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SSD Data Recovery FAQ
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Frequently Asked Questions About Solid-State Drive (SSD) Data Recovery

Solid-state drives present some significant challenges for data recovery engineers, but at Secure Data Recovery Services, we invest in our laboratory technology in order to treat new types of storage media as effectively as possible. This FAQ answers some of the most common questions regarding the SSD data recovery process.

Data Recovery Services Frequently Asked Questions

SSD data recovery requires extremely specialized hardware, and our case-specific approach provides excellent results with fast turnaround times.

To use this FAQ, click on one of the questions to expand the corresponding answer. For more information or to set up an evaluation for your solid-state drive, call our 24/7 customer service line at 1-800-388-1266.

  • Q: Are solid-state drives more dependable than hard disk drives?

    Solid-state drives do not have mechanical components, so they are significantly more resistant to impact and heat-related issues than hard disk drives. However, all digital devices can fail, and solid-state drives can lose data for a number of reasons. You should regularly back up your computer to prevent data loss.

  • Q: My solid-state drive is unbootable. What caused the damage, and what can I do to recover the data?

    A solid-state drive could become unbootable for a number of reasons. Electronic issues are fairly common, and data corruption can prevent your computer from reading a boot partition correctly. In order to properly diagnose the media failure, you need to get help from a professional data recovery provider.

    The best course of action is to turn your drive off. Any attempt to repair an unbootable drive could result in additional media damage, which could limit your chances of a successful data recovery.

  • Q: How do your engineers perform data recovery on SSD drives?

    Our recovery process depends on the failure scenario and the architecture of your drive. We perform an evaluation to create a case plan and present you with a turnaround estimate and price quote.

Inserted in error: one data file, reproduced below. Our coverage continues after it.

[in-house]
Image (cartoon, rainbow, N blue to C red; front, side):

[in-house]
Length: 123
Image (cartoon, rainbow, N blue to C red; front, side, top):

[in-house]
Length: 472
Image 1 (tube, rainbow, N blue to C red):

The recovery process for an SSD is different from that of a platter drive. Physical failure in SSDs is often the result of electrical and electronic malfunctions and anomalies in power systems, such as voltage spikes and power outages. Electrical shorts in the drive controller will also cause it to malfunction. Repairing these drives can be complicated and extensive training in electrical and electronic repair is required. Since SSDs have similar structure as all other flash media, we must incorporate flash media data recovery techniques.

    When you approve our quote, we begin recovering your data. Our engineers repair any electronic issues in a certified Class 10 ISO 4 Cleanroom, and occasionally, we will use specialized tools to directly access your data. We then perform logical procedures to restore your files to a fully functioning condition. Our teams transfer the recovered data to the return media of your choice.

    Secure Data Recovery Services offers a no recovery, no charge guarantee, and we will never process a service charge if we cannot successfully recover your requested files.

  • Q: How much does solid-state drive data recovery cost?

    Costs can vary greatly from one case to the next. Factors that affect your price quote include your drive's brand, the size of your requested files and your failure scenario. We offer free diagnostics to give you an easy way to assess the potential costs of your case.

    We also provide several turnaround options. Our 24/7/365 emergency data recovery service has an average turnaround of less than a day, and all of our services feature our no recovery, no charge guarantee.

  • Q: Is there data recovery software for solid-state drives?

    We do not recommend any data recovery applications, as some programs can overwrite data or contribute to file corruption when used improperly. While solid-state drives do not contain mechanical components, they can still take physical damage when operating after a failure, so we recommend turning off your drive as soon as you notice signs of a failure.

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